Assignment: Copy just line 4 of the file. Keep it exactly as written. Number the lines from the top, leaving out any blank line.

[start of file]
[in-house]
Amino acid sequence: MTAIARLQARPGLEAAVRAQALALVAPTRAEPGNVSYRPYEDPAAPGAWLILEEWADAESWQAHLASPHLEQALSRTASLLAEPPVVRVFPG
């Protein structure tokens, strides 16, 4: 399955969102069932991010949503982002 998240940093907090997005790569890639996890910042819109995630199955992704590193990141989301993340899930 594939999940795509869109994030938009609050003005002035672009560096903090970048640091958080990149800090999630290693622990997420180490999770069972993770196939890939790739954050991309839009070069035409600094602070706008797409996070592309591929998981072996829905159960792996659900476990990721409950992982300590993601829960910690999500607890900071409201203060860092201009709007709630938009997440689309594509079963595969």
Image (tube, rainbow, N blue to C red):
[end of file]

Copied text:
Image (tube, rainbow, N blue to C red):